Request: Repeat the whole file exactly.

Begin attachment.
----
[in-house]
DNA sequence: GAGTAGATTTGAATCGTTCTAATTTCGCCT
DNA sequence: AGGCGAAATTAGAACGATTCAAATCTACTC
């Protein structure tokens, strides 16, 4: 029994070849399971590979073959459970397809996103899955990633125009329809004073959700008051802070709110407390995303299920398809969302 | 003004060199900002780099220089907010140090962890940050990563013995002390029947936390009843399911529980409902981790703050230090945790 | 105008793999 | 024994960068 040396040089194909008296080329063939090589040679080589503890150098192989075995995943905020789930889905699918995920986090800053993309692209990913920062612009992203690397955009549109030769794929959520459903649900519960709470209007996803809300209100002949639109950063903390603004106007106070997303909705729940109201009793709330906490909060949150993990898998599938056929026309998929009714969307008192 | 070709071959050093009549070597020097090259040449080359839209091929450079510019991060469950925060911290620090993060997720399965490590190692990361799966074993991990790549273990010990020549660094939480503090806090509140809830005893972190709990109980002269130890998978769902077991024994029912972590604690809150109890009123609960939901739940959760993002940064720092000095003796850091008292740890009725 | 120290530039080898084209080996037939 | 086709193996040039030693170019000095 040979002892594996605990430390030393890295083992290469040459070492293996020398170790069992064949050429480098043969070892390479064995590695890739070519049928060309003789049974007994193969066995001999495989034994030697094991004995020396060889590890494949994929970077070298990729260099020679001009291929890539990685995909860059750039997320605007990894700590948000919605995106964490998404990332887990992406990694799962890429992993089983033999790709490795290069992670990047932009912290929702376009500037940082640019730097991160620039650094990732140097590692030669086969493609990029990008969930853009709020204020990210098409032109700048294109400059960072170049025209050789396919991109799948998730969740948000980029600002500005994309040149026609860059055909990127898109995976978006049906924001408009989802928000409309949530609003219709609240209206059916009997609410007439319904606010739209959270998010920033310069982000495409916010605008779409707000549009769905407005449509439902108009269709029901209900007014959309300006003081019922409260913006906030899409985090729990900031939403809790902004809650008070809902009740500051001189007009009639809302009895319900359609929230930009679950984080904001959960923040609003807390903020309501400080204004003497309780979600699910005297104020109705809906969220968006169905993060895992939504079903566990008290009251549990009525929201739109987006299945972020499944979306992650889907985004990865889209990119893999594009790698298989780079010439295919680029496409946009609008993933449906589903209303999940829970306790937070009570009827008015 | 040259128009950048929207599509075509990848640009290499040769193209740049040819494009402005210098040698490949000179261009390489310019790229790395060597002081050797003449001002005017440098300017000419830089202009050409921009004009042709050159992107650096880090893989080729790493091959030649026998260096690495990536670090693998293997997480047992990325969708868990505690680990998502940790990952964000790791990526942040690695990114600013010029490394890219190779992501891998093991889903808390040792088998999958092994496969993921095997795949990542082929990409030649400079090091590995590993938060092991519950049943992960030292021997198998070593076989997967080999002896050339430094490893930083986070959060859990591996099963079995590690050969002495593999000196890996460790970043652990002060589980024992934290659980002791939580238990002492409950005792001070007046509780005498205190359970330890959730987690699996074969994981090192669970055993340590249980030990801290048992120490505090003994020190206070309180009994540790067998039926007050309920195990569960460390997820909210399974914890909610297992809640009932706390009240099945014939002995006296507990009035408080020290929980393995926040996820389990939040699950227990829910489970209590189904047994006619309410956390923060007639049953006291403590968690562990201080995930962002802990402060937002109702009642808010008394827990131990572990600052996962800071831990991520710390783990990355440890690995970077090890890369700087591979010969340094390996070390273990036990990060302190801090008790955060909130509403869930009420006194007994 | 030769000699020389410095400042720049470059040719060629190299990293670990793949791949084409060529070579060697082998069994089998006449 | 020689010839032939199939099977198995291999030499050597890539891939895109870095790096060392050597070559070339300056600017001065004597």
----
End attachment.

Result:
[in-house]
DNA sequence: GAGTAGATTTGAATCGTTCTAATTTCGCCT
DNA sequence: AGGCGAAATTAGAACGATTCAAATCTACTC
């Protein structure tokens, strides 16, 4: 029994070849399971590979073959459970397809996103899955990633125009329809004073959700008051802070709110407390995303299920398809969302 | 003004060199900002780099220089907010140090962890940050990563013995002390029947936390009843399911529980409902981790703050230090945790 | 105008793999 | 024994960068 040396040089194909008296080329063939090589040679080589503890150098192989075995995943905020789930889905699918995920986090800053993309692209990913920062612009992203690397955009549109030769794929959520459903649900519960709470209007996803809300209100002949639109950063903390603004106007106070997303909705729940109201009793709330906490909060949150993990898998599938056929026309998929009714969307008192 | 070709071959050093009549070597020097090259040449080359839209091929450079510019991060469950925060911290620090993060997720399965490590190692990361799966074993991990790549273990010990020549660094939480503090806090509140809830005893972190709990109980002269130890998978769902077991024994029912972590604690809150109890009123609960939901739940959760993002940064720092000095003796850091008292740890009725 | 120290530039080898084209080996037939 | 086709193996040039030693170019000095 040979002892594996605990430390030393890295083992290469040459070492293996020398170790069992064949050429480098043969070892390479064995590695890739070519049928060309003789049974007994193969066995001999495989034994030697094991004995020396060889590890494949994929970077070298990729260099020679001009291929890539990685995909860059750039997320605007990894700590948000919605995106964490998404990332887990992406990694799962890429992993089983033999790709490795290069992670990047932009912290929702376009500037940082640019730097991160620039650094990732140097590692030669086969493609990029990008969930853009709020204020990210098409032109700048294109400059960072170049025209050789396919991109799948998730969740948000980029600002500005994309040149026609860059055909990127898109995976978006049906924001408009989802928000409309949530609003219709609240209206059916009997609410007439319904606010739209959270998010920033310069982000495409916010605008779409707000549009769905407005449509439902108009269709029901209900007014959309300006003081019922409260913006906030899409985090729990900031939403809790902004809650008070809902009740500051001189007009009639809302009895319900359609929230930009679950984080904001959960923040609003807390903020309501400080204004003497309780979600699910005297104020109705809906969220968006169905993060895992939504079903566990008290009251549990009525929201739109987006299945972020499944979306992650889907985004990865889209990119893999594009790698298989780079010439295919680029496409946009609008993933449906589903209303999940829970306790937070009570009827008015 | 040259128009950048929207599509075509990848640009290499040769193209740049040819494009402005210098040698490949000179261009390489310019790229790395060597002081050797003449001002005017440098300017000419830089202009050409921009004009042709050159992107650096880090893989080729790493091959030649026998260096690495990536670090693998293997997480047992990325969708868990505690680990998502940790990952964000790791990526942040690695990114600013010029490394890219190779992501891998093991889903808390040792088998999958092994496969993921095997795949990542082929990409030649400079090091590995590993938060092991519950049943992960030292021997198998070593076989997967080999002896050339430094490893930083986070959060859990591996099963079995590690050969002495593999000196890996460790970043652990002060589980024992934290659980002791939580238990002492409950005792001070007046509780005498205190359970330890959730987690699996074969994981090192669970055993340590249980030990801290048992120490505090003994020190206070309180009994540790067998039926007050309920195990569960460390997820909210399974914890909610297992809640009932706390009240099945014939002995006296507990009035408080020290929980393995926040996820389990939040699950227990829910489970209590189904047994006619309410956390923060007639049953006291403590968690562990201080995930962002802990402060937002109702009642808010008394827990131990572990600052996962800071831990991520710390783990990355440890690995970077090890890369700087591979010969340094390996070390273990036990990060302190801090008790955060909130509403869930009420006194007994 | 030769000699020389410095400042720049470059040719060629190299990293670990793949791949084409060529070579060697082998069994089998006449 | 020689010839032939199939099977198995291999030499050597890539891939895109870095790096060392050597070559070339300056600017001065004597």